The failure of community-based health insurance schemes in Tanzania: opening the black box of the implementation process

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Abstract

BACKGROUND: Globally, there is increased advocacy for community-based health insurance (CBHI) schemes. Like other low and middle-income countries (LMICs), Tanzania officially established the Community Health Fund (CHF) in 2001 for rural areas; and Tiba Kwa Kadi (TIKA) for urban population since 2009. This study investigated the implementation of TIKA scheme in urban districts of Tanzania. METHODS: A descriptive qualitative case study was conducted in four urban districts in Tanzania in 2019. Data were collected using semi-structured interviews, focus group discussions and review of documents. A thematic approach was used to analyse the data. RESULTS: While TIKA scheme was important in increasing access to health services for the poor and other disadvantaged groups, it faced many challenges which hindered its performance. The challenges included frequent stock-out of drugs and medical supplies, which frustrated TIKA members and hence contributed to non-renewal of membership. In addition, the scheme was affected by poor collections and management of the revenue collected from TIKA members, limited benefit packages and low awareness of the community. CONCLUSIONS: Similar to rural-based Community Health Fund, the TIKA scheme faced structural and operational challenges which subsequently resulted into low uptake of the schemes. In order to achieve universal health coverage, the government should consider integrating or merging Community-Based Health Insurance schemes into a single national pool with decentralised arms to win national support while also maintaining local accountability.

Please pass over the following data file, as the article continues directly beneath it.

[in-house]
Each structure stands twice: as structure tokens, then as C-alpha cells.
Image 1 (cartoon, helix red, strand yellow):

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APA

Kigume, R., & Maluka, S. (2021). The failure of community-based health insurance schemes in Tanzania: opening the black box of the implementation process. BMC Health Services Research, 21(1), 646. https://doi.org/10.1186/s12913-021-06643-6

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